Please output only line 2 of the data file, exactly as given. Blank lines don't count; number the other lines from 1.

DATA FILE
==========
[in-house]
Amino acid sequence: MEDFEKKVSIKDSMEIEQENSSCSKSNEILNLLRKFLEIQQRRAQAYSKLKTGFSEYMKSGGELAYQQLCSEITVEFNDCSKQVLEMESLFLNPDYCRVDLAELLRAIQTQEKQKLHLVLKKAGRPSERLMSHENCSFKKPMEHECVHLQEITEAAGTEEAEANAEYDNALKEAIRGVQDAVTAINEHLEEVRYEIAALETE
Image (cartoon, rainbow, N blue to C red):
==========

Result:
Amino acid sequence: MEDFEKKVSIKDSMEIEQENSSCSKSNEILNLLRKFLEIQQRRAQAYSKLKTGFSEYMKSGGELAYQQLCSEITVEFNDCSKQVLEMESLFLNPDYCRVDLAELLRAIQTQEKQKLHLVLKKAGRPSERLMSHENCSFKKPMEHECVHLQEITEAAGTEEAEANAEYDNALKEAIRGVQDAVTAINEHLEEVRYEIAALETE